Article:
NCAA president Mark Emmert stepped up to the podium at Penn State on Monday morning as State College waited in anticipation to see what would happen to their beloved football program, recently rocked by scandal and thrown into disgrace.

Investigator Louis Freeh released a report earlier this month, saying that university administrators and former head football coach Joe Paterno exercised a callous disregard for the well-being of the victims of former assistant coach and convicted child abuser Jerry Sandusky.

Consequently, Emmert and the NCAA have given the Nittany Lions a four-year bowl ban and have vacated all of the team's wins between 1998 and 2011.

The vacating of wins means Paterno is no longer the all-time college football wins leader. That title now belongs to former Florida State coach Bobby Bowden.

Penn State was also fined $60 million, with all the money going toward fighting child sexual abuse.

The number was determined because it is approximately the one-year revenue for the football team.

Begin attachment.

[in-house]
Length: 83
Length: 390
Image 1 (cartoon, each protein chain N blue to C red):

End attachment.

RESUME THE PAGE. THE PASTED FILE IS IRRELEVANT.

Emmert said he hoped the fine would allow for some very serious good to be done as a result of such a terrible controversy.

Penn State will also lose 10 scholarships per year for the next four years. However, any entering or returning student athlete can transfer from the university without penalty. Also, any current player can retain his scholarship regardless of whether or not he competes on the football field.

This opens up what will likely be a massive recruitment of Penn State's current players, who can now be taken up by any big-name program with an open spot.

Current high school players now might not want to go to Happy Valley because they would never be able to play for a National Championship or even a postseason berth.

The NCAA will also begin an investigation to impose any sanctions on individuals involved in the scandal as soon as any of their legal matters are resolved.

Many initially speculated that Penn State would receive the death penalty - a complete suspension of the football program for one or more years. Emmert, however, said the NCAA decided against this because it would bring with it significant unintended harm to those unrelated to the football program.

Penn State will finally get back on the field on Sept. 1 with a home game against Ohio.